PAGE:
This morning it was reported that the Thomson Reuters/University of Michigan preliminary index on consumer sentiment rose to 83.7 for May. That's the highest reading since July 2007 and up from 76.4 during April. While analysts were expecting an increase, the median forecast in a Bloomberg survey pinned the gain at 77.9.
This positive economic data has given investors the confidence to continue the bull rally, and as of 12:55 p.m. EDT the Dow Jones Industrial Average (DJINDICES:^DJI) is up by 55 points, or 0.35%, while the S&P 500 and the Nasdaq are up 0.43% each.
Although the report indicates that consumer sentiment is high, a number of retailers, including Wal-Mart (NYSE:WMT), are still reporting that customers remain wary. Looking at the whole, Americans seem to have easily dealt with both the payroll tax increase and sequestration, but Wal-Mart is still claiming that its customers haven't, and the evidence suggests that Wal-Mart may be right. Same-store sales fell 1.4% this past quarter after Wal-Mart had beaten same-store sales numbers for the previous six straight quarters. Additionally, Wal-Mart had to lower its prices on groceries and daily necessities during the quarter. After falling 1.7% yesterday, shares of Wal-Mart are down another 1% today.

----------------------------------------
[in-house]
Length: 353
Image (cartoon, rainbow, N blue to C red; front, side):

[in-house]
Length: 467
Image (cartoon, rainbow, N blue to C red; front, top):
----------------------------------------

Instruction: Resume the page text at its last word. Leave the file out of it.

Shares of Walt Disney (NYSE:DIS) are down 0.8% today after they were downgraded from "overweight" to "neutral" by an analyst at Atlantic Equities this morning. The analyst did, however, increase the price target from $65 per share to $74.
Shares of Merck (NYSE:MRK) and Pfizer are down 1.7% and 1.3%, respectively. Shares of Merck are likely lower because of the 13F recently filed by famed investor Stanley Druckenmiller. In the past, Druckenmiller was in charge of a portfolio for George Soros and ran Duquesne Capital, but now he simply manages his own money and has to file with the SEC. Going into the 2013, Merck had been one of Druckenmiller's top holdings, but he has totally liquidated the position.
While he still has large positions in Pfizer and Eli Lilly, anyone investing in the industry may be nervous about the move to dump Merck. At this time all the large pharmaceutical companies look to be on rather equal footing, so if Druckenmiller doesn't like one, why would he like any of them?